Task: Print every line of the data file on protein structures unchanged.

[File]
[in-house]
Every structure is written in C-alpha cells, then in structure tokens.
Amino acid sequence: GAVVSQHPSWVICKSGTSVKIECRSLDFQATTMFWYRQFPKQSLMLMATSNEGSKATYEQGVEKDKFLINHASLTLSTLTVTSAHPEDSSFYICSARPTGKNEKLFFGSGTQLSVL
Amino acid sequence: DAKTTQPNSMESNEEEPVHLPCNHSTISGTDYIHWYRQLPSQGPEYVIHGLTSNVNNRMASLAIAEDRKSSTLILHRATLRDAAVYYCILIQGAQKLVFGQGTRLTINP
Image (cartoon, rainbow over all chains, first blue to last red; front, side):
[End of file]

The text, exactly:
[in-house]
Every structure is written in C-alpha cells, then in structure tokens.
Amino acid sequence: GAVVSQHPSWVICKSGTSVKIECRSLDFQATTMFWYRQFPKQSLMLMATSNEGSKATYEQGVEKDKFLINHASLTLSTLTVTSAHPEDSSFYICSARPTGKNEKLFFGSGTQLSVL
Amino acid sequence: DAKTTQPNSMESNEEEPVHLPCNHSTISGTDYIHWYRQLPSQGPEYVIHGLTSNVNNRMASLAIAEDRKSSTLILHRATLRDAAVYYCILIQGAQKLVFGQGTRLTINP
Image (cartoon, rainbow over all chains, first blue to last red; front, side):